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Nat Immunol. 2005 Jul;6(7):698-706. Epub 2005 Jun 5.

CD70+ antigen-presenting cells control the proliferation and differentiation of T cells in the intestinal mucosa.

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The CBR Institute for Biomedical Research and Department of Pediatrics, Harvard Medical School, Boston, Massachusetts 02115, USA.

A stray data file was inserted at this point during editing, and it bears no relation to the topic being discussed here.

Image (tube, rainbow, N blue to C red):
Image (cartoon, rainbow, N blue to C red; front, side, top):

One unresolved issue in gut immunity is how mucosal T lymphocytes are activated and which antigen-presenting cell (APC) is critical for the regulation of this process. We have identified a unique population of APCs that is exclusively localized in the lamina propria. These APCs constitutively expressed the costimulatory molecule CD70 and had antigen-presenting functions. After oral infection of mice with Listeria monocytogenes, proliferation and differentiation of antigen-specific T cells occurred in the gut mucosa in situ and blockade of CD70 costimulation abrogated the mucosal T cell proliferation and effector functions. Thus, a potent CD70-dependent stimulation via specialized tissue-specific APCs is required for the proliferation and differentiation of gut mucosal T cells after oral infection.

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